The X-Trail has been around for a few months and, until now, has only been available with a 1.6-litre diesel engine. Although it is an economical unit with low CO2 emissions, it is expensive, with the cheapest version costing more than £23,000.
That’s where this turbocharged 1.6-litre petrol engined model steps in. At just under £22,000, it costs around £1500 less than the equivalent diesel model. Of course, it’s not all good news; as you'd expect, economy and emissions aren't quite as impressive.
Nissan claims combined fuel economy of 45.6mpg, which is 12mpg less than the 2WD diesel, and CO2 emissions of 145g/km, 16g/km more than the diesel (on 17in wheels). Still, if you don’t cover many miles, the petrol X-Trail could make sense.
It's worth noting that the petrol version can't be had with an automatic gearbox or four-wheel drive though.
What is the 2015 Nissan X-Trail DIG-T 163 like to drive?
Look at the figures and you might expect this version of the X-Trail to feel pretty nippy, since it's nearly a second faster than the diesel to 62mph, at 9.7 seconds. The trouble is that the petrol model produces its power far higher up the rev-range. Around 1500rpm higher, in fact.
There’s precious little in the way of grunt below 2000rpm and we often found the need to push the petrol engine beyond 4000rpm to get anywhere near the performance claimed. At these higher engine speeds, there’s no doubt this engine does feel faster than the diesel model, but you’ll be burning plenty of fuel in the process, and you'll be using the engine very hard to achieve a decent pace if you've got a full complement of passengers.
You'll also want to avoid the petrol X-Trail if you tow heavier loads. Not only will that shortage of torque be even more noticeable, but the towing capacity itself is lower, at 1800kg compared with 2000kg for the diesel.
Overall, it's just generally not as easygoing as the diesel model, which offers gutsier-feeling mid-range acceleration and doesn't need much revving at all.
The petrol engine is refined, though. Once up to speed, or even at idle and just pootling around town, it is noticeably smoother and quieter than the diesel.
The rest of the driving experience is much the same. That means relatively soft suspension leading to pronounced body-roll around corners, although thankfully not enough to make your passengers feel queasy.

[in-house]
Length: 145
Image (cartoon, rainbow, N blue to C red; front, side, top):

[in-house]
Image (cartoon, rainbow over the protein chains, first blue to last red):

Despite this, expansion joints and other sharp-edged bumps aren’t dealt with as effectively as you may expect. However, this may improve if you opt for 17in wheels instead of the 19in items fitted to our test car.
The steering is a bit slow, needing more turns than you might expect. Although light at low speeds, the steering weights up nicely as you go faster and is precise enough to easily place the X-Trail where you want it. Road noise isn’t too intrusive and neither is wind noise despite a bit of buffeting from the sizable door mirrors.
What is the 2015 Nissan X-Trail DIG-T 163 like inside?
If you’re familiar with the smaller Qashqai, you’ll recognise much of the dashboard architecture in the X-Trail. There was plenty of soft-touch plastic, a sprinkling of metallic effect trim and even some faux carbon fibre on our test car.
The lower reaches of the dashboard are hewn from more solid, unappealing plastics, but it all feels well put together. All the controls operate with a well-oiled precision and it’s easy for the driver to get comfortable thanks to plenty of adjustment in the seats and steering wheel. There’s also a standard centre armrest that hides a seriously spacious cubbyhole with charging ports.
Legroom and headroom are plentiful front and rear (despite a panoramic roof on this example), and three adults should fit on the rear bench. If they need more space the rear seat can be slid backwards, too.
A third row of seats can be added as a £700 option. These are definitely only fo occasional use, though, as legroom is tight and they're not easy to get into.
Equipment is good, even on the bottom of the range Visia you get 17in alloys, a Bluetooth stereo with a USB input, air con and cruise control. N-Tec models and above gain a touchscreen sat nav.
Should I buy one?
Despite the significant saving over diesel engined models, we would avoid the petrol X-Trail. While it provides more power, the lack of low down pull means you end up thrashing the engine far harder than you would the diesel.
This dents fuel economy as our test figures reveal: we gained an overall real-world average around 35mpg in the real world; even driven carefully this only rose to around 39mpg on a mixed route.
The petrol model is really only worth considering if you have a low annual mileage and are keen to save on the purchase price. Even then it comes with the same caveat as other X-Trails; a regular seven-seat MPV would offer even more space for similar money.
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Nissan X-Trail 1.6 DIG-T 163